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Shiba-Inu Facts

Native to Japan – and the smallest of the dogs that can make that claim – the Shiba Inu is one of the great “pound-for-pound” breeds across the entire world. Courageous, generally friendly and responsive to training, the Shiba Inu can be a determined and happy companion that enjoys a good variety of terrain and can handle plenty of exercise. If you’re considering the Shiba Inu as a pet for your family, you’ll be encouraged to know that it gets along with children, other pets, and is not an overtly aggressive dog.

There’s a lot that goes into developing a breed like this, and the Shiba Inu’s history tells us all about its modern form. Although a bit stubborn at times, like many confident dogs, the Shiba Inu will be happy to enjoy your company and can be considered a dog that is versatile in terms of play, exercise, and social skills. And considering it is a relatively small dog, the Shiba Inu also has the advantage of not scaring off any neighbors! Here is an overall profile of this Japanese breed.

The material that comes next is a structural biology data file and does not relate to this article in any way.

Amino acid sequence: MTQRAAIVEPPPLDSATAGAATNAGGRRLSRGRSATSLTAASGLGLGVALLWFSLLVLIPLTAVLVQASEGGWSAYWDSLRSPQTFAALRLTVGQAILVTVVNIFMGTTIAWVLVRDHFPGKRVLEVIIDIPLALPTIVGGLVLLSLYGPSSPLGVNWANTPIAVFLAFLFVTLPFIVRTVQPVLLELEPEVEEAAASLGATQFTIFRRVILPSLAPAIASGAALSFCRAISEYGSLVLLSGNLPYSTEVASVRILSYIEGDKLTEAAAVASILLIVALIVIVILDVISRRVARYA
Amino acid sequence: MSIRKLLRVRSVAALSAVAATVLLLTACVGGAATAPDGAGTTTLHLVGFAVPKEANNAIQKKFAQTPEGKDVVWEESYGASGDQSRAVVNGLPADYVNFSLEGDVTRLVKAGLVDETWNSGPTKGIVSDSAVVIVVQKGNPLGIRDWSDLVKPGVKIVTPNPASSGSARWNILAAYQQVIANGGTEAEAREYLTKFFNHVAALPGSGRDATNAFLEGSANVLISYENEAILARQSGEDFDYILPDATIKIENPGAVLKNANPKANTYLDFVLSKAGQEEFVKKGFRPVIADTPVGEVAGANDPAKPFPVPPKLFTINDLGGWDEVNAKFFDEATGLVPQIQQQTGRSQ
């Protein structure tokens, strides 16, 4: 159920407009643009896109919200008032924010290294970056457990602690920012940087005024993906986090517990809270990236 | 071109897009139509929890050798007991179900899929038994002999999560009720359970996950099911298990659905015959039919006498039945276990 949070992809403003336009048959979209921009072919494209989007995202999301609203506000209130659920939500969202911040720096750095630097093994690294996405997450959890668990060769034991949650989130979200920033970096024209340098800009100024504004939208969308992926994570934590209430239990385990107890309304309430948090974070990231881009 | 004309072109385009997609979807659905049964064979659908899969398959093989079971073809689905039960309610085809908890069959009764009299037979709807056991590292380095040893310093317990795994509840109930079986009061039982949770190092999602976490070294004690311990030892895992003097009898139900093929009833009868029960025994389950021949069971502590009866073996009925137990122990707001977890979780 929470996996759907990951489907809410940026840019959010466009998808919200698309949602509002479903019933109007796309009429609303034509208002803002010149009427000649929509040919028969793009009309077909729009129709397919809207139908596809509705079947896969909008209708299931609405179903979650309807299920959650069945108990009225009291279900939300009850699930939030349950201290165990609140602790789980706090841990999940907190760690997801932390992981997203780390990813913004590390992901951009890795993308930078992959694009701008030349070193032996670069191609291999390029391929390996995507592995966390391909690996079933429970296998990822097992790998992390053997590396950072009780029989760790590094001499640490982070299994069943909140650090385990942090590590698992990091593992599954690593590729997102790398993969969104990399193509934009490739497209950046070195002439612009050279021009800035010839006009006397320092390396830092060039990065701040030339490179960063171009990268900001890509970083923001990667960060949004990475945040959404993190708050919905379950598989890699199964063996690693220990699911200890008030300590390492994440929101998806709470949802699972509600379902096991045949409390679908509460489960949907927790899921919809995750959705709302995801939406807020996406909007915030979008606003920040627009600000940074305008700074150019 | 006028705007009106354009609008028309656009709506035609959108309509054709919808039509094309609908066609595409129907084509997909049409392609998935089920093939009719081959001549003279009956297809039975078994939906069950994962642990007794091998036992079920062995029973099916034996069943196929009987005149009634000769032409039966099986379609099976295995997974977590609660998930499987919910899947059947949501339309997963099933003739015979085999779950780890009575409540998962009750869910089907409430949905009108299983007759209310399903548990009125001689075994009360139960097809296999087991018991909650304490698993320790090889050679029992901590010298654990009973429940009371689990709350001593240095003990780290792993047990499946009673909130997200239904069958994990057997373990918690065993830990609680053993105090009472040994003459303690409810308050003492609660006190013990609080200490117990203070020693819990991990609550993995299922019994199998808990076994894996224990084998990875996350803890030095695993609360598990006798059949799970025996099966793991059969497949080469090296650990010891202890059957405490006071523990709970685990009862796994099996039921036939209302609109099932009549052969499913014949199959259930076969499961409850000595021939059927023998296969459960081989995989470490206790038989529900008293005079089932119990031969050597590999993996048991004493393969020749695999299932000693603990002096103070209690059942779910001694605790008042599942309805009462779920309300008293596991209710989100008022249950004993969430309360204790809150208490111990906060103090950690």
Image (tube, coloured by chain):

As already stated, the Shiba Inu is native to Japan, which is a rare quality, and is actually the smallest of the breeds that can say so. Shiba Inus were used over the years to explore and hunt through the terrain and thick brush that marks so much of the Japanese island, giving it a ready-made confidence when it enters this kind of brush anywhere you take it. In fact, the word Shiba in Japanese refers to brushwood, and since Inu means dog, you get the idea where the Shiba Inu got its name.

Throughout its history, the Shiba Inu has made a good companion dog for hunting, which is interesting considering the typical hunting dogs most westerners are accustomed to, the breed is actually relatively small. But because of its instincts, its confidence, and its willingness to explore difficult terrain, the Shiba Inu has earned a reputation amongst the Japanese as an excellent hunting dog indeed.

While the Shiba Inu was devastated by the effects of World War II, it has since rebounded and been developed into the breed we now know today.